It's called in English So Disdained and it's a fictional espionage story presented in a way to make you think it really happened. It has not one main character, but two. The narrator Peter Moran, who currently works as the steward of Lord Arner and Maurice Lenden, a pilot. Lenden and Moran served together in WWI and meet again 10 years later under strange circumstances. 

Moran learns that Lenden had great difficulty adjusting to peaceful life after the war was over, due to the fact that flying is his passion but there are not enough job opportunities. After his marriage falls apart due to his inability to earn a stable income, Lenden travels to the USSR and starts working as a flight instructor but later gets involved in an espionage affair. After he tells his life story to Peter Moran he gets a malaria attack (he caught malaria while working in South America) and is very sick and in need of help.

Though the story is called So Disdained I haven't noticed anything like this in the novel at all. In fact, it's totally vice versa. Peter Moran and everyone around him take a sudden and unexplained liking to Maurice and try their best to help him, save him from the counterespionage service and the communists even to the point of risking their own career and life. 

The novel is short and fast-paced and leaves you in suspense till the very end. And yet, the end, again, is quite predictable when you contemplate the fact that it was written back in the day when honour was not an empty word and any stain on it could only be erased by blood. 

I'm not sure whether you can easily find this book (I happened upon it in a second hand store) but I highly recommend it to anyone.

Sunday, May 28, 2023


 Today is the Feast of Pentecost so we are having a long weekend. Tomorrow is a free day, too! The weather has been nice so far, sunny and the temps above +20*C but it's going to somewhat cool off tomorrow. I hope you all are having a good time:)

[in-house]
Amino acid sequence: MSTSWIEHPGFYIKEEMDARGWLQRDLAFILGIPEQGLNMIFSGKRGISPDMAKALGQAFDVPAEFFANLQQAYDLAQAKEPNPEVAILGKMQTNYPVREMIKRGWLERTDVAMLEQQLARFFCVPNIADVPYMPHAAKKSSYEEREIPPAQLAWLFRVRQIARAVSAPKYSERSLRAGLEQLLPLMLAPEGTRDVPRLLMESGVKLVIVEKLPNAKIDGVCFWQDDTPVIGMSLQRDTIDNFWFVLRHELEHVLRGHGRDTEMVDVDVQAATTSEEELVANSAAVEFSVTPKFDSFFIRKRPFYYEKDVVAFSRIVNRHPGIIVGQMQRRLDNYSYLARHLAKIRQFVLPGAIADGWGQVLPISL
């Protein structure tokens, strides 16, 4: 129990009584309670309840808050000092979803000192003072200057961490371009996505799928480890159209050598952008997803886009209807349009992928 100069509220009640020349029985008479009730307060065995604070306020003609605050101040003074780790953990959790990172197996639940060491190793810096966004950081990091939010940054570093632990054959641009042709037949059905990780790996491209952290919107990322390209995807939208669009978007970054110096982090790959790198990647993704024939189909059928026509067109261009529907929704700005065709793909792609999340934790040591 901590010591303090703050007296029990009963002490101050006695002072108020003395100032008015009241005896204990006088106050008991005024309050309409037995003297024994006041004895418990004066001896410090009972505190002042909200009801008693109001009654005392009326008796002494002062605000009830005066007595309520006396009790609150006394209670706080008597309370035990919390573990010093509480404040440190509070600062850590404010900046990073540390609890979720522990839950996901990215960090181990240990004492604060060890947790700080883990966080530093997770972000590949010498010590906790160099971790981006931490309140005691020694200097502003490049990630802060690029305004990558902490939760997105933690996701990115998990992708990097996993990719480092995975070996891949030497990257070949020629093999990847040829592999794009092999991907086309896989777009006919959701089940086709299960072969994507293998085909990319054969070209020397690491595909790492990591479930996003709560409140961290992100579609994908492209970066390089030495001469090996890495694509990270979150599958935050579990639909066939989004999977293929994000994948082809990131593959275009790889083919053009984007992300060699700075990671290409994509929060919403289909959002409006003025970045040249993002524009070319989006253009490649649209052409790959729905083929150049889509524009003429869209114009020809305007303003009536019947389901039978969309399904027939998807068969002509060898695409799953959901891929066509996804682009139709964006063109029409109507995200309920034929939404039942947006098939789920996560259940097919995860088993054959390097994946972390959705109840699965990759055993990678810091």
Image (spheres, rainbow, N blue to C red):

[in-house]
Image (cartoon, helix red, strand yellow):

Saturday, May 27, 2023

News On Sugar

It used to be that you were recommended to eat no more than 50g added sugar per day, but now the amount is reduced to about half of it, in any case for women. Sugar appears to be really not that great for you after all:

AHA Sugar Recommendation

To keep all of this in perspective, it’s helpful to remember the American Heart Association’s recommendations for sugar intake.

  • Men should consume no more than 9 teaspoons (36 grams or 150 calories) of added sugar per day.
  • For women, the number is lower: 6 teaspoons (25 grams or 100 calories) per day. Consider that one 12-ounce can of soda contains 8 teaspoons (32 grams) of added sugar!  There goes your whole day’s allotment in one slurp.

Friday, May 26, 2023

Is Christianity A Suicide Pact?

 No, it's not. An interesting post from The Orthosphere:

 Christianity is not a suicide pact unless we make it a suicide pact, in which case it is a suicide pact and we all die.  We make Christianity a suicide pact when we imagine that a Christian has overcome the world and its tribulations, whereas the truth is that Christ overcame the world and we Christians remains in it...

A Christian should turn the other cheek, but he does not have an infinite store of honor to lose and can survive only so much insult and slander.  He must not be “hasty in his spirit to be angry,” but neither should he be without a spirit to be angry.  A Christian should show forbearance and longsuffering but not servility.